Tuesday 21 July 2020

Songs of our Times: Jessica Walker and Joe Atkins in cabaret for the Lichfield Festival

Songs for our Times - Jessica Walker and Joseph Atkins (capture from film by Leon Lopez)
Songs for our Times - Jessica Walker and Joseph Atkins (capture from film by Leon Lopez)
Songs of our times; Jessica Walker, Joe Atkins, Leon Lopez; Lichfield Festival
Reviewed by Robert Hugill on 21 July 2020 Star rating: 4.0 (★★★★)
Contemporary cabaret reflecting on our current times, turned into a stylish yet thought-provoking filme

Songs for our Times is a new film, commissioned by the Lichfield Festival and broadcast by them on Sunday 19 July 2020 (available on the festival's Facebook and YouTube pages). A cabaret filmed at Blackheath Halls by film-maker Leon Lopez, the work features singer Jessica Walker and pianist Joe Atkins in songs the two have written during lockdown alongside material by the Belgian songwriter and chansonier Jacques Brel (1929-1978) and by the French singer-songwriter Barbara (1930-1997.

Walker and Atkins have collaborated before, and their 2019 musical Not Such Quiet Girls, for Opera North and the Leeds Playhouse, told the story of stories of three women on the front line during World War I, using three actors and the chorus of Opera North.

The style of Lopez' film is stylish yet dark, with Walker all in black against a largely black background only offset by lighting and the occasional effect. There is a stage, but this is only used occasionally, and the camera often closes in on Walker's face, with her highly expressive eyes. This isn't cabaret as seduction, but statement and confession, and it is mesmerising and intense. The mood is, unsurprisingly, downbeat but also rather political and the songs move from the personal to the public and back, in the best possible way.
We open with Walker and Atkins song What does the future hold, with Walker speaking over Atkins piano accompaniment, the text reflecting bleakly on the present and this moves seamlessly into Barbara's 1965 song, Solitude (in Walker's English version), a song where Walker seems to reflect on an old lover but only at the end do we understand that the woman being referred to is La solitude.

There then follows a sequence of what might be called depressive love songs, where the poet's state of mind becomes of reflection of our present state. Atkins and Walker's Pieces of your life (2020), Jacques Brel's 1967 Song of the Old Lovers which evokes memories of Kurt Weill's brief French period (a time when he had fled Germany and not yet settled in the USA), and Brel's 1958 Litanies pour un retour, with the new and the old material dove-tailing beautifully and the two artists rendering Brel's songs as very contemporary yet timeless.

With Atkins and Walkers The Wheels of Commerce, the music becomes more rock/blues influenced, the beat becomes a bit more contemporary, and whilst the tone is still downbeat there is also the sense that music and art can change the world. This continues with Atkins' State of the Nation, whilst Jacques Brel's Tears of a Friend (in Jessica Walker's English version)  is a bit looser and takes is back towards cabaret, leading to Walker and Atkins 2018 number I didn't know I had my time, a poignant piece about a performer realising that their time was over. Finally, comes Barbara's Plus Rien.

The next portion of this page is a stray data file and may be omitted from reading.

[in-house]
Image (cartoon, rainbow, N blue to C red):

Walker has a lovely straight toned voice and fine diction, so that every word told, and she is well supported by Atkins who moves effortlessly between styles and makes the music flow seamlessly. Like all good cabaret, this is by turns engaging, entertaining, thought-provoking and disturbing, and whilst it is a shame that we do not see them live, Walker, Atkins, and Lopez have created a stylish and striking film, making is something more than just a film of a live performance.

Songs for our Times is available on the Lichfield Festival's  Facebook and YouTube pages until 31 July 2020.

Elsewhere on this blog
  • The Invention of English Opera: part two, the brief flowering of English opera, the rise of Italian opera and the development of ballad opera - feature article
  • Thankful to be able to play together at all: the Engegård Quartet on recording Mozart, collaborating with Ola Kvernberg and their festival devoted to Olli Mustonen's music - interview
  • Almost sacred opera: the French group Les Accents in an engaging account of one of Alessandro Scarlatti's oratorios for 17th century Rome - CD review
  • Music when no-one else is near: Michael Mofidian and Julia Lynch live from Glasgow City Halls on BBC Radio 3 - concert review
  • Vienna 1910: the Alban Berg Ensemble Wien in sophisticated and vibrant accounts of works by Mahler, Schoenberg and Richard Strauss - CD review
  • Joyful and imaginative: written for a late-18th century English aristocrat, Tommaso Giordani trios for violin, viola da gamba & fortepiano prove delightful finds - CD review
  • The Invention of English Opera: the surprising history of opera in 17th century England, part one, from masques to dramatic-opera - feature article
  • Heroic Handel: I chat to Chris Parsons, artistic director of Eboracum Baroque, about the group's plans including a large-scale on-line concert - interview
  • Incidental music to The Ruins of Athens: prime Beethoven linked to a forgetten play - CD review
  • Schubert's Four Seasons: an imaginative exploration of Schubert song from Sharon Carty and Jonathan Ware - CD review
  • They that in ships unto the sea go down - Music for the Mayflower from Passamezzo on Resonus Classics - CD review
  • 'Home

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